Monthly fishing trips, spring through fall, are at the heart of the High Plains Drifters fly fishing club. It is the reason many members join our group. We eagerly look forward to these trips throughout the winter. For many, the trip calendar and its world-class destinations provide motivation at the fly tying vise as we await the arrival of spring. Most importantly, our trips provide opportunities for camaraderie, chances to establish and maintain the social bonds that make us human.
HPD had an amazing slate of trips planned for 2020, ranging from Pueblo, CO to Fort Smith, MT. Of course, none of these events came to fruition because of the ongoing COVID-19 situation. Most of our members have continued to fish throughout the pandemic, however, either individually or in small groups. If you have fishing buddies with similar levels of risk tolerance, it isn’t a bad time to plan and implement an amazing fishing journey of your own. If you don’t think a small group trip, or travelling in general, is worth the risk, then you can always plan now and implement later. Trip planning, in and of itself, can be a lot of fun. Following are some things to consider when planning your next epic fishing adventure. You could always just throw your gear in the vehicle and go, but a little planning time goes a long way in ensuring a fun trip.
Things to keep in mind when planning a fishing trip can be lumped into a few broad questions: Why? Who? What? When? Where?, and How Much? Such questions and their answers are obviously interrelated. Nonetheless, it is helpful to consider them separately.
Begin by asking yourself why you are planning this trip. The answer to this question greatly influences all of the other things you’ll want to consider. Do you want to fish all day, every day, and catch boat loads of fish? Would you rather catch fewer but bigger fish? Or are you looking for a balance of size and quantity? Do you really just want some time to decompress with friends? Do you want to make it a family trip, perhaps with the underlying motivation of getting the kiddos hooked on your favorite pastime? Asking such questions early will provide much clarity throughout the planning process.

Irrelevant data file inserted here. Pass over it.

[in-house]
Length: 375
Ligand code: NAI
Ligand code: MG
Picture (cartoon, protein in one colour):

If you are planning a solo adventure, your planning efforts will be much simpler since you alone are influenced by your decisions and any changes to the plan are exclusively yours to accommodate. It is safe to say that most trips that require the level of planning discussed here, would include other anglers. So, who should they be? Does everyone you have in mind share similar motivations to those that were exposed when you asked yourself why you are planning this trip? Does everyone want to fish dawn to dark? Are some folks happy with just fishing a couple hours a day? If you have some of both types of angler, is the trip location amenable to such varied preferences? If you are planning to float fish, is there a good number of rowers and potential shuttle drivers? Is there enough space on the boat(s)? The other questions you’ll consider (what, where, and when) are also important here. Does everyone in the group want to fish for the same species? Do they agree on the planned location? And do they have adequate time available in their schedules? It sounds odd, but be sure to invite anglers that actually have fun fishing. This is a recreational fishing trip after all, and fun should be what it is all about.